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die. But the enemy lay in that direction He turned his horse towards Thame, where he arrived almost fainting with agony. The surgeons dressed his wounds. But

there was no hope. The pain which he suffered was most 5 excruciating. But he endured it with admirable firmness and resignation.

His first care was for his country. He wrote from his bed several letters to London, concerning public affairs, and

sent a last pressing message to the head-quarters, recom10 mending that the dispersed forces should be concentrated.

When his public duties were performed, he calmly prepared himself to die. He was attended by a clergyman of the church of England, with whom he had lived in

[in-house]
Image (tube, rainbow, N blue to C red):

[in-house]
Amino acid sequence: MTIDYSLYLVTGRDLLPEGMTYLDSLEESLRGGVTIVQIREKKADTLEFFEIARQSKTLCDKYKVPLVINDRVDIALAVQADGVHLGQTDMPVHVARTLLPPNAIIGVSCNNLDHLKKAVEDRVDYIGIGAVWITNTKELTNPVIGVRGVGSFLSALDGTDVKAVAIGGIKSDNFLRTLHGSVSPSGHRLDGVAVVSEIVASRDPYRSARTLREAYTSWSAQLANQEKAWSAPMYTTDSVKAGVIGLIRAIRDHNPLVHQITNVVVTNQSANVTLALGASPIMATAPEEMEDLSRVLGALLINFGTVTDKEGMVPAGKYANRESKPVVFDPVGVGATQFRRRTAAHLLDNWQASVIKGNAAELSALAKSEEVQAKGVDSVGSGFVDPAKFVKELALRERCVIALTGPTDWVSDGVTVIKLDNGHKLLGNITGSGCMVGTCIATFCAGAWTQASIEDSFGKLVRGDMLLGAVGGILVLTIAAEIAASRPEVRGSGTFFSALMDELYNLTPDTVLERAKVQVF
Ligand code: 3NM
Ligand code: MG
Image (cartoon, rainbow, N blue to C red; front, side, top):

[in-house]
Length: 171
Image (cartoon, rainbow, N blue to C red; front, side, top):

habits of intimacy, and by the chaplain of the Bucking15 hamshire Greencoats, Dr. Spurton, whom Baxter describes as a famous and excellent divine.

A short time before his death, the sacrament was administered to him. His intellect remained unclouded.

When all was nearly over, he lay murmuring faint prayers 20 for himself, and for the cause in which he died. “ Lord

Jesus,” he exclaimed, in the moment of the last agony, “ receive my soul. O Lord, save my country. O Lord, be merciful to — ” In that broken ejaculation passed

away his noble and fearless spirit. 25 He was buried in the parish church of Hampden. His

soldiers, bareheaded, with reversed arms and muffled drums and colors, escorted his body to the grave, singing, as they marched, that lofty and melancholy psalm in which the

fragility of human life is contrasted with the immutability 30 of Him to whom a thousand years are as yesterday when it is passed, and as a watch in the night.